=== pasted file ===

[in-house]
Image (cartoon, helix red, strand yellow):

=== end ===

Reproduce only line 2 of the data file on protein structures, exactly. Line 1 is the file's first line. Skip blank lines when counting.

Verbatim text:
Image (cartoon, helix red, strand yellow):